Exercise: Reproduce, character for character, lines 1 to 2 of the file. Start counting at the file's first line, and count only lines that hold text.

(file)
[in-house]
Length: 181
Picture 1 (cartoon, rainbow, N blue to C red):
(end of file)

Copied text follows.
[in-house]
Length: 181